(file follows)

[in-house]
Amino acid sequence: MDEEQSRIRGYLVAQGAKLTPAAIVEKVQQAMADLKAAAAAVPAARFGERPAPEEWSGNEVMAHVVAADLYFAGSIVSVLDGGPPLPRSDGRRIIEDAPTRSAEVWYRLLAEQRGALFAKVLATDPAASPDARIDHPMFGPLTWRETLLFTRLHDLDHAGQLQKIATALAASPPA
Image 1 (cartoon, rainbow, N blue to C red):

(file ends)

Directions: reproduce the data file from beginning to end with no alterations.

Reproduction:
[in-house]
Amino acid sequence: MDEEQSRIRGYLVAQGAKLTPAAIVEKVQQAMADLKAAAAAVPAARFGERPAPEEWSGNEVMAHVVAADLYFAGSIVSVLDGGPPLPRSDGRRIIEDAPTRSAEVWYRLLAEQRGALFAKVLATDPAASPDARIDHPMFGPLTWRETLLFTRLHDLDHAGQLQKIATALAASPPA
Image 1 (cartoon, rainbow, N blue to C red):